After four years of very little communication with the media or his fans, Frank Ocean decided to release 4 pieces of art within the course of one weekend. The first of which was the visual album Endless. Then, the video for “Nikes” popped up, which ended up being the opening song on his third release of the weekend, Blond(e). Finally, on a very limited release, only available through pop-up shops, he released his Boys Don’t Cry magazine.
Now, to fully comprehend what it all means is most likely 100% impossible. Frank Ocean’s most recent works are not only many, but are all very dense as well. Below are just a few of my thoughts.
The visual album Endless is Frank Ocean’s comment on fame. The concept is simple. Three separate videos of Frank Ocean are superimposed onto one screen. The process is sped up. Frank slowly builds a staircase from the ground up. He cuts the wood, assembles, and layers the stairs. The finished project is jagged looking, almost decrepit.
The album title Endless is a direct comment on fame, technology, and what it takes to be an artist. Songs like “Device Control” have explicit lines about how the world that we live in is consumed by technology. Combine that with celebrity, and the pressures mount. ‘When’s the album coming, Frank?’ ‘He isn’t a true musician.’ ‘He’s just doing it for the money.’ All music sites over the last four years have contemplated where Frank’s next step would take hold, and each one has speculated, negatively mostly, that Frank was not actually Frank, but a mirage of insecurity and dull artistry.
With Endless, Frank battles this by providing a full length music release paired with the image of creation. However, interestingly enough, 35 minutes into the album, before the music is even finished, the visual Frank finishes his staircase. The music continues, yet the film restarts from the beginning. Frank is stating intricately that even if he released music continuously, the fans, media, and even the concept of fame would consistently want more. To put it simply, the pressure is endless.
The second release of the weekend was a video for the opening track of his album Blond(e) (to be released in full the following weekend).The song is “Nikes”. The concept is simple. With absurdist imagery, it is almost Lynchian in its quality. The images consist of visuals with very little context. There are eerie images of devils in churches, sensual images of naked women, and powerful images of famous figures holding pictures of dead celebrities and tragedies.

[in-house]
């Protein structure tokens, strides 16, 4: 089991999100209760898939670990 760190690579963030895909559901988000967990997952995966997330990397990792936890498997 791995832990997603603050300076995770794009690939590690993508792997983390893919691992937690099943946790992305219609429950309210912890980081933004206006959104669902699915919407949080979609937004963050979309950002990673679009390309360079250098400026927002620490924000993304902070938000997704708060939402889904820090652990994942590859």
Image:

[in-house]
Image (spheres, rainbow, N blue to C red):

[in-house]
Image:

The “Nikes” video is an amalgamation of the confusion, addiction, and struggles that Frank Ocean has been enveloped in over the past 4 years. The imagery edifies the problematic aspects of his work, and is included to show what really goes on in Frank’s mind.
The third release of the weekend is Frank’s opus. It is a 17-track masterpiece with a few consistent themes. The first of which is Frank’s struggle with his own identity. He is a black, bi-sexual male within a genre that is predominantly chauvinist and consistently derogatory to gay people. Lots of R n’ B and hip hop artists use insensitive words within their songs, and Frank has constantly struggled with the fact that he can’t truly be himself within his music.
On this album, Frank finally comes to terms with who he is and fights against his lost youth, lost love, and regrets, all due to his former denial of his sexuality.
The second piece of the album has a lot to do with unrequited love. This theme builds off of the first theme of hiding parts of yourself, and the unrequited love happens when people cannot and do not accept Frank on his own terms.
The fourth and most elusive release is the magazine Boys Don’t Cry. The magazine is elusive and is currently being delayed, with only a limited release within pop-up shops in a limited run of cities.
This is possibly a comment on the state of album release schedules. However, that may mostly be speculation. Most likely, the magazine is a simple thank you, a kind of rolling credits for all of his friends, producers, associates, and any others that helped him work over the years.
The above analysis (read: speculation) is only really a first description of what may be going on within Frank’s art and his mind. In all honesty, any deeper analysis would probably take thousands of words, or even pages.